By Michell Tham
As the world is propelled into the digital media age, there is a collective dependence on social media to nurture convenient communication. Fast-paced growth results in deregulated supervision, leaving many in the gray area, wondering if their rights of unrestricted self-expression will be honored. Despite the fear and rare exceptions of conflict, social media, for the most part, cultivates self-expression by allowing access to the global community, ensuring anonymity, and providing platforms for sharing.
With the rising trend of digitalization and increasing traffic on the Internet, human need for socialization and interaction is no longer satisfied solely by physical factors but more so by cyberspace instead. In Essentials of Sociology, George Ritzer informs that socialization and interaction are basic human needs that facilitate one’s development and integration into society (84-85). Without satisfaction of these essentials, one may not be as creative or advanced, such is the case with feral children. Deprived of communication with the outside world during their critical window of development, feral children do not learn basic motor skills and often develop disabilities that hinder them further in life (Ritzer 78). Social media provides an outlet of contact that expands the set of principles and values one already holds and influences the creation of new ideas and concepts. As stated in “Free Speech, Self Expression, and Socializing,” “revealing our personal information establishes camaraderie, enables supportive communities to flourish, and educates us about other people’s lives.” The exponential growth of users on social media platforms (see fig. 1) assists in the formation of more connections and combination of connections among old and new users. This presents each user with a multitude of opportunities to interact. In that sense, social media can modify and enhance creativity and imagination, which comes to reflect the way we present ourselves in reality and in the digital world.
The widespread use and reliance on the Internet will no doubt only keep increasing, with “seven-in-ten Americans [using] social media” (“Social Media Fact Sheet”). This epidemic is accompanied with the frequent of the question “Is there wifi?” because the need to update friends about what one is having for lunch or to notify the world of what one is doing has become the main concern for most people, especially adolescents. As Tsilimparis notes, “It’s an opportunity for us to showcase ourselves to the world with little or no repercussions.” He says this taking into account the inevitability of connections being on the web allows for. People from all over the world are connected to the same web, utilizing the same social media platforms, sharing the same videos that eventually circulate into most countries. Social media grants a channel for such connections to occur and thus, users are performing on a global stage in front of an array of audience members hailing from all over the world. Because media is, for the most part, uncensored, especially in the United States, maximum opportunity of self-expression is granted.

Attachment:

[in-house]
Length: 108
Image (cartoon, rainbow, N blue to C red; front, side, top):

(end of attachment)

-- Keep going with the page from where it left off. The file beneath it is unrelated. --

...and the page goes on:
There is a certain authenticity that Internet interactions cannot reciprocate as well as face-to-face interactions. The main factor at fault is anonymity. Through social media and its lack of thorough validations, anyone can take on a character different from their true selves. “Some individuals, particularly those high in social anxiety, feel able to express hidden self-aspects (characteristics currently part of the self, but not normally expressed in everyday life) on the Internet” (Seidman 402). Because of the anonymity that can be achieved on the Internet, people feel more secure in revealing personal information to seemingly trustworthy strangers, knowing that no one knows who they are. As established previously, sharing personal information fosters community growth and camaraderie as well as expand the scope of expressionism on social media (“Free Speech, Self Expression, and Socializing”).
On the other hand, it could be said that the anonymity can also hinder self-expression. The dissociation that comes with sitting behind a computer screen can distinguish one’s true self from the self they choose to present on the Internet. This can make it seem as if the person is restricted from fully exposing their true selves. Based on Qiu’s findings, “studies have shown that individuals are likely to be concerned about their online self-image and manipulate their self-representation to create socially desirable self-image” (444). The artificial profile created signifies superciality from trying to keep up with impression management, “people’s use of a variety of techniques to control the images of themselves that they want to project” (Ritzer 76).